What's on your turntable right now?

Hi guys,I am curious to know what your playing right now or any songs that seems to be always hanging around your turntable.I am sure I'm going to discover some cool tracks.So... don't be shy and let me know.As far as I am concerned this one since to be always around and playing at the moment: Cheers,Laurent,Les BOF!

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    • Hi John. Thanks for the thoughts but the fire was in the city centre whereas I am now out in the suburbs to the north of Glasgow. The fire was pretty widespread and has devastated a couple of places close to my heart. One is possibly amongst the oldest Chinese restaurants in Glasgow and a place I was in less than a month ago. Directly above that was a club I used to go to that was also a really good venue for gigs. I saw the Purple Hearts there in Feb 1982 and a year later the Truth. Great memories of both gigs.

    • Hii John. Yeah I saw that programme when it was first aired a few years ago. Long before that I had formed my opinion about the vandalism the city authorities had inflicted upon Glasgow. Many a thriving part of the city was torn down in order to build dual carriageways and create empty spaces. It was as if they were trying their level best to depopulate the city and drive people into the new towns that had been built around it. I know at the time the housing stock was terrible (1 in 3 houses in Glasgow in 1966 had no indoor toilets) but the houses were good quality and just needed revamped not knocking down.  As you rightly say some of the housing they built as replacements were a disgrace. They were badly thought out, badly built, and some did not last much more than a decade due to dampness issues. The only thing I could not wholly agree with the programme was that it seemed to indicate that the destruction was in the dark days of the past. Sadly I have lost count of the  amount of old listed buildings that have mysteriously caught fire in the past decade and have had to be knocked down. Cromwell did less destruction than these chancers.

    • Well without getting too arty Chris, architecture is the most common art form in our every day lives. It seems that the only time this becomes a consideration when the green belt is threatened. Then the thought of housing developments endangering the leafy ideal takes precedence over the needs of the people living like sardines in the towns and cities. The fact that the leafy ideals would not exist without the wealth-generated in the towns and cities do not seem to be a factor.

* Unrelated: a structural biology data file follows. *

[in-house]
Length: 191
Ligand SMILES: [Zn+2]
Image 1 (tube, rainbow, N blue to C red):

Consequently high rise functional cocrete boxes were built. There was a joke in the sixties that referred to this type of development. "They knocked our houses down and built a slum". It was obvious to many what was happening.

      Golf courses take up more land than housing in the UK. Nice.

      I don't know if you saw the BBC series 'The Secret History of Our Streets, Duke Street , Glasgow'. I found the people in it who fought against all the odds to retain their home and environment inspirational. The programme examined the destruction that the Corporation inflicted on the area and the people when they destroyed their homes to build concrete boxes. I would recommend this programme to anyone who missed it.

      See You Jimmy :-)

    • I know exactly what you mean John as the same thing sadly happened in Glasgow. From the 1960s onwards the old corporation and then the council wrecked the city, replacing so many old amazing buildings with car parks and shopping centres. I love looking at old images of the city but it is also difficult seeing how it used to be compared to the soulless place much of it is now. 

    • Good news and bad news then Chris.

      I know exactly how you feel. It is sad when you see the things you associate with your memories and past erased. The most obvious example of this in London is when pubs that were iconic, because of their importance in the community and the great times you have had in them in the past are demolished for redevelopment or become a Tesco express or similar. 

      I have moved out of the East End to North London. My family lived in the East End for over three hundred years. I am the only one left living London, let alone the East End. I dread driving through there now, in reality the East End that I knew has disappered and the rest of my family clocked it and moved on years ago.

      Just thought I'd try to cheer you up lol.

    • True.

    • Cheers  Kai. It was on the national news here and part of Sauchiehall st is still closed off. Thankfully no one was hurt and that is the most important thing of all.

    • Sorry to hear that, Chris. Missed it on the news, obviously...

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    • So the big question is Gary me old mate, what are your lottery numbers for this Saturday ?

    • A once in a lifetime experience Gary. Judas priest have a new album out btw

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